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Wednesday, May 21, 2014

eBook Review: The Curse


His search for her has been timeless, eternal, and ultimately thwarted. Until now…

Seth Almose has spent countless lives trying to break the curse that robs him of his soul mate. Each time the cycle begins anew, he meets it with hope, and each time he is left with heartbreak. But as the cycle dawns again, with yet another incarnation, Seth can’t help himself. She is extraordinary; is she the one?

Julia Morrow has reason to be wary of men. After restarting her life to escape an increasingly dangerous stalker, she has no reason to believe Seth and his stories of reincarnation and curses. But his face haunts her dreams, and her canvasses. He claims that it is a matter of life and death — her death. Can she find it in herself to trust again, or will the cycle turn once again, leaving them both broken and alone?


I love Ancient Egyptian fueled romances (or Ancient Egyptian anything really).  Blame it on Mara, Daughter of the Nile with the clever spy-survivor-slave Mara and the haughty-righteous-passionate nobleman Sheftu falling in love during Hatshepsut's dethronement if you want, but something about it has always just turned my crank.

In some ways this book was all over the place however.  Character motivations were, for the most, transparent and obvious, but relationships felt more...awkward.  I won't lie, there was several times when I thought that Julia's agent/friend was working with the creeps targeting her and Seth because she said/did things that no normal friend would do.  Her utter obliviousness to one villain's creepitude certainly didn't speak well for her.

I also felt that even though Julia was well rounded out as a character, Seth came off more broadly written.  It may be a product of this being Julia's book for the most part--her life, her journey to understanding and love, but Seth ran one of two ways to me; either he felt as 'human' as the Pharaoh that inspires Julia so much or was really too intense.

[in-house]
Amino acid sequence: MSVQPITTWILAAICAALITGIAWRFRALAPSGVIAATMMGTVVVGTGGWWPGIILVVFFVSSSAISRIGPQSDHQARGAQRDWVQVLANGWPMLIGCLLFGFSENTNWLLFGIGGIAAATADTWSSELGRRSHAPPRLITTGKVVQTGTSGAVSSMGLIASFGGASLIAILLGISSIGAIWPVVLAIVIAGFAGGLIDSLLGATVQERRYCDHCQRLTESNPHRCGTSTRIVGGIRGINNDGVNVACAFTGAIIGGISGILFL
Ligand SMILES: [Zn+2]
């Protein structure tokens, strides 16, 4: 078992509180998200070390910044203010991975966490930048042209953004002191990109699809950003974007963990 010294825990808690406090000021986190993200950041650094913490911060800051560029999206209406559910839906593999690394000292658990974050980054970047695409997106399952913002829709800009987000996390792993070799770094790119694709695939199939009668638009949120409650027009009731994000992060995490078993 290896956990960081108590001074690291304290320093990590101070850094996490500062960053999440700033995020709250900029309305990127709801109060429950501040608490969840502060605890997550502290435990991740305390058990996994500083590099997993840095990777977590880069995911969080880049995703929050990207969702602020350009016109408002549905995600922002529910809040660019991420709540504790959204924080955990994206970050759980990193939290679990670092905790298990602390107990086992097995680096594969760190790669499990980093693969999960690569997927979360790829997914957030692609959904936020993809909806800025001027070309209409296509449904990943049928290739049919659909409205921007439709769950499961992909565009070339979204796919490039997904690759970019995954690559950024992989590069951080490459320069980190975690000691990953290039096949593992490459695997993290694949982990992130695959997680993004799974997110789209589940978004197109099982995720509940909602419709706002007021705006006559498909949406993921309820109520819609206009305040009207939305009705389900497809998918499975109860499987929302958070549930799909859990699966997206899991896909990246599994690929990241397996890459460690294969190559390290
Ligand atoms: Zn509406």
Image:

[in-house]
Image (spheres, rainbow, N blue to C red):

Some of the best moments for Seth are when he's acting the mischievous, smitten man in love.  His quirky sense of humor and sincere interest in Julia's art made me understand why Julia opened up to him.  His worst moments are when he's going over the top in terms of convincing Julia they are soul mates and are fated to be together.  This happens far too soon in my opinion, mostly egged on by the enemies conspiring against them.

Which let me touch on those enemies for a moment.  They were sincerely disturbing individuals.  One is the creeper that stalked Julia all the way to Boston and the other two are connected otherwise.  They're not strangers and in at least one case, its someone that was at one time trusted.  Those scenes when either the stalker is plotting how Julia will service him or when the group is planning how to make both of them pay is thoroughly unsettling.  

Overall I think Brassel crafted a sometimes uneven, but mostly engaging suspenseful story.  While Seth was a little too keen on the reincarnation part at times, his and Julia time together was worth the schmaltzy language at times.